1889. An Irish lord marries a beautiful gypsy but falls off his horse and dies. His family, who hates the gypsy, chase her out of home and she takes refuge in Spain. 1937. Nearly half a century later, the gypsy, fleeing the Spanish Civil War, returns to Ireland in the company of Maria, her pretty granddaughter. Maria falls for handsome Kerry, a young horse trainer, but the trouble is that she was engaged to a man in Spain. One day, the Spanish fiancé reappears. Written by
Strange film of Lords and Ladies and gypsies and horse-racing
The first British Technicolor film, it has a script that is somehow from another world; a sentimental world where gypsies travel in wooden horse-drawn caravans and dance round camp fires; and where gentlemen train horses and live only for victory at the racecourse.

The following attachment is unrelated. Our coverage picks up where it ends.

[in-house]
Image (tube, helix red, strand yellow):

Maria, played by Annabelle, is dressed as a boy to escape the hostilities of the Spanish civil war, and becomes involved with Kerry (played by a young Henry Fonda). Kerry doesn't realise it's a girl, of course, until later when she reveals herself, when it's love at first sight.
The climax of the film is at the Derby, the year's main race for the whole of Britain, and we get a glimpse there of the real world through the mist of the obscure direction (Harold D Schuster's first film).
The Irish tenor John McCormack sings at a ball, and champion jockey Steve Donaghue appears as himself.
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